• Paul Anthony Jones

Fictive

(adj.) fictional, imaginary; non-blood related



Everyone has family friends they know or knew as aunts and uncles, but who are not actually related to them blood. These are your fictive kin.



That’s a term from anthropology, where the role of fictive kin in rearing children is a frequent area of study. Outside of this fairly specialized used of the word, however, fictive itself is essentially just a synonym for fictional; both words stem from fictio, a rather general Latin word for something formed or devised from raw materials.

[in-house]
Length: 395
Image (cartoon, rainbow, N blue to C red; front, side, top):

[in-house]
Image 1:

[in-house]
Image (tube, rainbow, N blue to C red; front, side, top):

When it first appeared in our language in the fifteenth century, fictive simply meant ‘feigned’, ‘imaginary’, or in its earliest sense, ‘given to feigning, or engaging in pretence’. So your fictive kin are essentially ‘feigned’ relatives—people who take on the role of a blood relative, despite not being genetically related to your family group at all. Despite that relative distance from a family’s gene pool, of course, fictive relatives are still hugely significant family figures, and their role in children’s development is often no less important—nor any less appreciated—than ‘true’ aunts and uncles.

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